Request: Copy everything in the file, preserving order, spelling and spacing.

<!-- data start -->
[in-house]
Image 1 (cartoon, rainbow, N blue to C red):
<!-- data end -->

[in-house]
Image 1 (cartoon, rainbow, N blue to C red):